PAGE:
Then, as I was thinking about those two women, I realized that two of my female characters, Perarre from The Lost Book of Anggird and Sarya from Sarya's Song are women who have worked their way into academically challenging professions despite great odds against them. So that seems to be a theme that I'm drawn to.
And then there were the prospective jurors. We each had to give a short biographical statement about ourselves. Everyone's life is different, and everyone's life has something unique and interesting about it. Careers, educational background, family situations, interests - no two people had the same combination of things. One thing they asked was what bumper stickers we have on our cars. I was surprised that almost no one had bumper stickers, and the few who did had something completely innocuous (like me; my only bumper sticker is for my college alumni association). I was also surprised that more than one person had a son in prison. Those people did not make it onto the final jury. You could hear the emotion in their voices as they answered the question if you have a friend or family member in jail. That must be an incredibly heartbreaking thing to go through.
They also asked if we have previous experience on a jury, what kind of case, and what the verdict was. I was on the jury once in a robbery case, and we returned a guilty verdict. (The evidence was clear, but it was incredibly hard to pass a judgment on someone which meant that he would have to go to prison.) I'm guessing that that's why they didn't put me on the jury; defense attorneys probably don't like that.
So that was my day of jury duty. Going by how I feel today, two days later, I should probably try to get a medical exemption next time I'm summoned. But it was definitely worthwhile, both for knowing that I was fulfilling my civic responsibility, and for the nourishment for my writer's brain.
No Camp NaNo word count on Tuesday, obviously. Yesterday I only got 848.
Total word count: 2357/30,000
And I kind of liked this line from yesterday's output (remember this is raw and unedited, fresh from my brain):
Being found out as a mage was bad enough; being found out as a mage who cheated at cards would entitle that mage to additional gruesome variations on the standard hanging.
So, back to work now. Planning to write a good big chunk on that Camp NaNo novel today, and continue progress on the revision of Chosen of Azara. It needs more work that I had thought, so the release date might be getting pushed back to June. I'll see how it goes when I get to the parts that need major rewriting.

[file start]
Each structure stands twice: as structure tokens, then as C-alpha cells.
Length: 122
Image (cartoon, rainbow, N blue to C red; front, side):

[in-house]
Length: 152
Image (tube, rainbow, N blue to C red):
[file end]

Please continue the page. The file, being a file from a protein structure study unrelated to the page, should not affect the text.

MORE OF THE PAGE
It's day 1 of Camp NaNoWriMo! I'm writing Book 3 of Daughter of the Wildings. A new feature of this Camp (as opposed to previous NaNoWriMo events) is that you can set your own word count goal. I'm going for 30,000, because it's doable in a month where I'm also in heavy-duty revisions (on Chosen of Azara), and because so far the drafts in this series haven't been very long. They'll probably get longer once I go back and fill them out; I tend to "write short," meaning that I summarize and skim over a lot of things in the first draft that need to be filled out in more detail in revisions.
Day 1 Count: 1509 words; 1509/30,000
Jury duty early tomorrow morning. I'm not counting on being able to get any writing done tomorrow, unless they let me go early. What I will do is print out the short-shorts I wrote in March and some of my revision-planning worksheets and get to work on those while I'm hanging out in the jury waiting room.
In other news, a group I'm involved in on Goodreads, Paranormal, Fantasy, Dystopia, and Romance Writers and Reviewers, has launched a new website: ultimatefantasybooks.com. If you enjoy fantasy, science fiction, paranormal, urban fantasy, and/or romance and you're looking for something new to read, come check out the site!
And I want to highlight the PFDRWR featured author of the week, Kristen DaRay. Congratulations, Kristen!